Scientists have found more than 50 new genes linked to intelligence. This discovery provides fresh insights into the “genetic architecture of intelligence” and how genes relate to IQ.
The exact percentage of how much of intelligence is inherited is still up for debate, but scientists agree that a large portion of it really does get handed down from parent to child. Therefore, intelligence is based on genetic factors, Newsweek reports.
But intelligence is not just one trait influenced by some genes. It is a complex web made up of hundreds of genes, many of which science still has to identify.
A team of scientists sampled almost 80,000 people to come up with their results. They conducted a large-scale, meta-analysis that factored in several different ways to measure intelligence, along with the participants’ genetic information.
Two kinds of genetic analysis showed different genes relating to intelligence. The first analysis, called a genome-wide association study, revealed 22 genes, 11 of which were new. In the second, genome-wide gene association analysis, 29 new intelligence genes came out.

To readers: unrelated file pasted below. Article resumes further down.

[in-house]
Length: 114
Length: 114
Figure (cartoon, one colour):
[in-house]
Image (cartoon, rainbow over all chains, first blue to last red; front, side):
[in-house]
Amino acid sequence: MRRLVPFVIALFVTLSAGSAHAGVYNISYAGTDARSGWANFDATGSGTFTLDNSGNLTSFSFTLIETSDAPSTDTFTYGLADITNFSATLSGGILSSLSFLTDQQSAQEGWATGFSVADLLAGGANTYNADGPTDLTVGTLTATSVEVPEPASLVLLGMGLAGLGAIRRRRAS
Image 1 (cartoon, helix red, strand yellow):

Most of the genes were found in brain tissue. The researchers wrote,
Pathway analysis indicates the involvement of genes regulating cell development.
Danielle Posthuma from Vrije Universiteit Amsterdam said that the find was unexpected. “I’ve run a lot of genome studies and a lot of the time you don’t find a lot of genes, even though the traits you are investigating are highly heritable. And it’s only if you have a really large sample size that you start to find things.” The discovery was “happily surprising,” though Posthuma added that there are hundreds of genes more they need to find before a complete picture of intelligence can be formed.
The researchers also said that these genes cannot be used to engineer smarter animals, and that doing so would have unintended consequences, either positive or negative.
The team now hopes to identify more genes linked to intelligence, and to conduct more experiments to take a closer look at the genes they have found.
The study was published in Nature Genetics.